Libya, supported by the Organisation of African Unity (OAU), has proposed that the Lockerbie trial be held in a neutral country, conducted under Scottish law. In the words of Mandela, who has been mandated by the OAU to mediate between Britain and Libya on the issue: ``You can't have a country like Britain, which is the complainant, the prosecutor and the judge at the same time. For a country to combine the three roles, there can be no justice there.''

The British families of those killed in the Lockerbie disaster have welcomed Mandela's call and endorsed South Africa as a suitable venue for a trial.

The South African government has further angered the US by supporting the OAU's demand that the UN lift the sanctions against Libya.


South Africa's State's lawyer backes Mandela over Lockerbie

31-October 1997 A TOP Department of South Africa's Foreign Affairs lawyer has backed President Nelson Mandela's controversial stance on Libya, advising him to support Moammar Gadaffi's refusal to hand the Lockerbie bombing suspects to Britain and the United States.

The department's chief legal adviser, Albert Hoffmann, told Mandela's office that according to international law, Libya was right to refuse to hand over the suspects accused of the bombing of a PanAm jumbo jet in 1988.

Hoffman said of the use of the security council by Britain and the US: "They are both permanent members of the council, I presume they were the main architects of the resolution. I don't want to pass judgment but bigger powers can afford to use the security council mechanisms for their own purposes, which they say is in the interests of fighting international terrorism. Legally speaking, both sides are correct. The US and the UK can demand and may demand extradition, but at the same time Libya is also fully entitled under international law not to extradite. That's why there is this impasse ...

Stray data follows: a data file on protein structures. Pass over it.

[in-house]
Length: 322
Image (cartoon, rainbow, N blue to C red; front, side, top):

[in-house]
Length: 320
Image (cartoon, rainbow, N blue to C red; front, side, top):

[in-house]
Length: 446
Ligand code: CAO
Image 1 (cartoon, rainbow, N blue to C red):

"The United Nations is deliberating on a permanent international criminal court and were this in place, it would have provided a way out."

Hoffmann said Libya had complied with the 1971 Montreal Convention to Suppress Acts of Violence against Civil Aviation, by arresting both suspects in Libya and setting up a local investigation. He said the US and the UK had rejected international treaty obligations in favour of security council resolutions to try to pressure Libya to hand over the suspects.

Hoffmann, in his advice to Mandela, suggests solutions that include pursuing negotiations beyond the impasse. He suggests setting up a special ad hoc criminal tribunal to prosecute the suspects. The parties in the dispute would then agree to the composition of the tribunal and it would adopt its own rules of procedure.

South African Mail&Guardian, October 31, 1997.